The Three Levels of War

Levels of Intelligence: Strategic, Operational, and Tactical

What are the Three Levels of War?

The Three Levels of War is a military concept which allocates responsibility for the planning and execution of the different levels of warfare to different ranks of commander:

  • At the Strategic Level, top-level commanders plan the overall strategy for winning the entire war;

  • At the Operational Level, mid-level commanders plan the operations that will implement that strategy; and

  • At the Tactical Level, low-level commanders plan how to achieve the individual objectives that are vital to the success of those operations.

Case Study: Hitler’s plan to starve the UK

In WW2, the Nazis attempted to starve the UK into submission by destroying deliveries of food from America. Here’s an example of how this plan could be broken down into the Three Levels of War:

Levels of Intelligence

The Three Levels of War concept translates across to the field of intelligence perfectly. When talked about in this context, the three levels are known as “Levels of Intelligence”.

Information relevant to decisions being made at the top level of an organisation may not be relevant to decisions being made - and therefore would not be useful as intelligence - at the bottom level, and visa-versa.

With this in mind, information needs to be delivered to and received by a decision-maker at the relevant level for it to be useful as intelligence. If it is delivered to a decision-maker it is not relevant to, at best it will be useless and at worst it will become a hinderance.

The Three Levels of War concept applied to retail intelligence

In the example above, the CEO would never have time to get any work done if she was constantly getting details of every shoplifting incident or being informed every time a checkout assistant was five minutes late for their shift. Similarly, spending time explaining the projected profits for Q3 to a shelf-stacker would probably have limited benefit for the company.

To ensure intelligence gets to the right level of decision-maker, we can assign it a level in accordance with the three levels of war concept:

Strategic Intelligence is intelligence that will assist top-level decision makers in the formation of policies and strategy that will help the organisation achieve its overall aims. For instance:

Generals receive intelligence that the enemy is heavily reliant on overseas supplies of food. They decide on a strategy of cutting off the enemy’s food supply to starve them into surrendering, thus winning the war.

The CEO of a premium supermarket receives a report by her customer retention team which states a large number of customers have recently switched to a rival, cheaper supermarket. To win back these customers, the CEO decides on a strategy of rebranding as a less expensive supermarket.

Operational Intelligence is intelligence that will assist mid-level decision-makers in planning and executing the operations that will implement those policies and strategy. For instance:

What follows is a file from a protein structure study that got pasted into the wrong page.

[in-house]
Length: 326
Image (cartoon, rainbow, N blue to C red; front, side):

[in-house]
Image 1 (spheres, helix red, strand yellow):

The Admiral of a submarine fleet receives intelligence that a fleet of merchant vessels is delivering a large shipment of food to the enemy. They decide to plan an operation to sink the merchant vessels, which would implement the strategy decided upon by the generals.

The head of marketing at the supermarket commissions market research to understand which vectors would be best to advertise the rebrand so it reaches the most amount of potential customers. The research suggests a TV advert campaign would be most successful, so he commissions a series of TV adverts.

Tactical Intelligence is intelligence that will assist lower-level decision makers in planning and achieving the individual objectives that need to be completed to ensure those operations are successful. For instance:

The commanders of the individual submarines are sent intelligence on the weak spots of the hulls of the merchant vessels' hulls. This enables them to cause maximum damage, making them more likely to sink, and therefore increasing the likelihood that the operation will be a success.

The director of the TV adverts does a screen test on the first finished advert to understand how effective it is at promoting the supermarket’s rebrand. The sample audience says there it isn’t obvious which company the advert is promoting, so the director reshoots the advert with the company’s name clearly visible in shot.


Levels of intelligence can be applied relatively depending on whether you are talking about an entire organisation or one of its constituent parts

For instance, when talking about an entire supermarket chain:

  • Strategic Intelligence may refer to intelligence relevant to the CEO;

  • Operational Intelligence may refer to intelligence relevant to an area manager; while

  • Tactical intelligence may refer to intelligence relevant to a store manager.

On the other hand, when talking about an individual store:

  • Strategic Intelligence may refer to intelligence relevant to the store manager;

  • Operational Intelligence may refer to intelligence relevant to a department manager; while

  • Tactical Intelligence may refer to intelligence relevant to a shift supervisor.

Note: Just to make life more interesting, some organisations use tactical and operational the other way around. This is not an issue provided everyone is on the same page.

Note: This article offers a simplified summary of the three levels of war concept – for more a more detailed study into the concept, check out this paper from the USAF College of Aerospace Doctrine, Research and Education (CADRE) Air and Space Power Mentoring Guide, Vol. 1, titled "Three Levels of War".

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